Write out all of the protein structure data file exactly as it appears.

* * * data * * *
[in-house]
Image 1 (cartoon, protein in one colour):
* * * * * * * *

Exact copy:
[in-house]
Image 1 (cartoon, protein in one colour):